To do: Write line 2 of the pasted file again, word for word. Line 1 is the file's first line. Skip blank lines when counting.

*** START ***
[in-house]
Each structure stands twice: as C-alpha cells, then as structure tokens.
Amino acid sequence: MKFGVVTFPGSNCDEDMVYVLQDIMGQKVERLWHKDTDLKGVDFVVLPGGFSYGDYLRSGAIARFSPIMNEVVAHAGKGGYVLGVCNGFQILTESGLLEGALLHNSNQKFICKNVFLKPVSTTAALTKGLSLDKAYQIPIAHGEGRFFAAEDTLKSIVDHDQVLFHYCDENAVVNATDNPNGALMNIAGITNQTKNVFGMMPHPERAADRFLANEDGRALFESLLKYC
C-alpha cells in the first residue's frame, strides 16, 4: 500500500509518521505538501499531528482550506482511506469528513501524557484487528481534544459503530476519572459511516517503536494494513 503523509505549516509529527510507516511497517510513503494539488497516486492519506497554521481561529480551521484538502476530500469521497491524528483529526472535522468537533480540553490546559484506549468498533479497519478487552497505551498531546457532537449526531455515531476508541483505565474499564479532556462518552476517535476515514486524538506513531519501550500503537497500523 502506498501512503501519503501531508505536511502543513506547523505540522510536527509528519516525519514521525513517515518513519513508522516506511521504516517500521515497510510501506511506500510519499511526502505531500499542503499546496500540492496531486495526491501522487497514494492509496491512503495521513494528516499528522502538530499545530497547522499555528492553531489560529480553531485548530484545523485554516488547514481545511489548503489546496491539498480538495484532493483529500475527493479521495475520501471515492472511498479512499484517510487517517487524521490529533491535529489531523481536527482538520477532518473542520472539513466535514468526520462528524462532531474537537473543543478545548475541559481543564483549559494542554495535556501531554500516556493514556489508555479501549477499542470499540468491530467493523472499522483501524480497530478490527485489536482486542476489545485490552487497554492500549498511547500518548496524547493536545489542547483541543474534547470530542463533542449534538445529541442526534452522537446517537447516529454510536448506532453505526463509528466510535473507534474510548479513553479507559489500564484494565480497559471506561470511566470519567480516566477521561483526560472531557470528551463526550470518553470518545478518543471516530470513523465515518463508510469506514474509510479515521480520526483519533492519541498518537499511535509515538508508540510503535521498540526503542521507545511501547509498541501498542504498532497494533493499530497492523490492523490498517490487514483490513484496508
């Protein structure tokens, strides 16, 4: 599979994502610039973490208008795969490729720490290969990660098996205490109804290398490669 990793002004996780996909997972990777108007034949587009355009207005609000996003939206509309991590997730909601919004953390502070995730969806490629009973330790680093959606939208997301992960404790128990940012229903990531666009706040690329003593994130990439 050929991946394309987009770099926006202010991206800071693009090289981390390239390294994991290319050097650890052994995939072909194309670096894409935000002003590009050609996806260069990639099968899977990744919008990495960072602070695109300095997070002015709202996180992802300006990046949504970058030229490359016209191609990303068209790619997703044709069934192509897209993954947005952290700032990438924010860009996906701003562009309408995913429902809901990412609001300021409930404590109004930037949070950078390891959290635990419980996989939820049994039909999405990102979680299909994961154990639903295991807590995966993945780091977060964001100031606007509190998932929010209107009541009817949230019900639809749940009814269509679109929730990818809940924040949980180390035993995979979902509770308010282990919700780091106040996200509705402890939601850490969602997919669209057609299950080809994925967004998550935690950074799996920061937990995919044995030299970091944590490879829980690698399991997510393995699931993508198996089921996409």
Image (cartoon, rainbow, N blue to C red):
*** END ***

Each structure stands twice: as C-alpha cells, then as structure tokens.